Monday morning (Nov. 30), trash bins arrived and by-law officers began the removal of the tents that had been pitched outside of Hamilton City Hall for the last week as part of a demonstration led by the “Defund Police” movement.
Protestors had said they would not leave until the Hamilton Police Service budget of $171-million is slashed by 50 per cent and the removed funds are allocated to free and affordable housing.
They're throwing people's tents and personal belongings into a dumpster. They should store them so folks can claim their stuff later. This sends a really clear message about how our City views those who don't have access to safe or affordable housing. #HamOnt https://t.co/1crESQlfcQ
— Cameron Kroetsch (@CameronKroetsch) November 30, 2020
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Hamilton Mayor Fred Eisenberger said last Thursday (Nov. 26) that while he supports the right to protest outside City Hall, bylaws prohibiting camping in the forecourt would be enforced. Shortly after, demonstrators were given notices, requiring the removal of any “tents, structures, or equipment,” according to the City.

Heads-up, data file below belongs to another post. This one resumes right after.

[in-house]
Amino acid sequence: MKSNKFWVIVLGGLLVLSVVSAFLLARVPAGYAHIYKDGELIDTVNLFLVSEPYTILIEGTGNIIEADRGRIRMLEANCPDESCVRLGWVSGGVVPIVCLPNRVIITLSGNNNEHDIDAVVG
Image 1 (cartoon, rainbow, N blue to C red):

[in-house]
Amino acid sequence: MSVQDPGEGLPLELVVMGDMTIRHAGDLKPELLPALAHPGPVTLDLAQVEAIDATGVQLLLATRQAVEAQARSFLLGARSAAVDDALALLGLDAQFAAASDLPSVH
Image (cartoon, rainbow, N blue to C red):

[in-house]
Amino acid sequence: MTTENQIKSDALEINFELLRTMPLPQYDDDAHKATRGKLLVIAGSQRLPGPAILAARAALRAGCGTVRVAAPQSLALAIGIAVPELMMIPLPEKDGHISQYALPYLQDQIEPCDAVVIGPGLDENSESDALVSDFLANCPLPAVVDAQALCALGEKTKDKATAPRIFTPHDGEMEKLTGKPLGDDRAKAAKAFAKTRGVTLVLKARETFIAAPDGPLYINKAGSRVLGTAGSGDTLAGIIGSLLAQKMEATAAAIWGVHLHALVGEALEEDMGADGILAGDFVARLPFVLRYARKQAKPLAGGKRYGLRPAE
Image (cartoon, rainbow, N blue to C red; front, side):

“If a person refuses to comply with the order and removal requirement, a Trespass Notice will be issued to them.”
Once a Trespass Notice is handed out, Hamilton Police has the authority to remove any structures and owners occupying them.
The deadline for the removal of the structures by demonstrators was 11:59 p.m. Sunday (Nov. 29).
The City also reiterated its enforcement of any bylaws related to provincial COVID-19 orders, prohibiting outdoor gatherings of more than 25 people under the Red ‘Control’ zone of Ontario’s response framework.
“Over the past week, the demonstration in front of City Hall has resulted in crowds of more than 75 people on several occasions, the presence of approximately 18 tents or other structures on the forecourt, an assault with a metal bar captured on City Hall CCTV camera, and two overdoses which paramedics responded to,” according to the City in an official media release.
The City claims that the Mayor and City Manager offered to meet the organizers of the demonstration in City Hall to discuss their issues and concerns, but the offer was not accepted. It added that demonstrators were also provided with information on how they could present their concerns to City Council through the City’s delegation process.
“We’ve done more than most municipalities when it comes to housing and poverty,” said Hamilton Mayor Fred Eisenberger, pointing to the nearly $50-million spent on poverty and housing over the last ten years. “Is it enough? Well, it’s never enough and we’re focused on doing more.”
Eisenberger added that the demand for a 50 per cent reduction of the police budget is “not a rational notion and it not supported in the broader community.”